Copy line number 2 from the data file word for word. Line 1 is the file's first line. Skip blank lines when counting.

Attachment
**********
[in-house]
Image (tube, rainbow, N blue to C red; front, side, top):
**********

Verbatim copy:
Image (tube, rainbow, N blue to C red; front, side, top):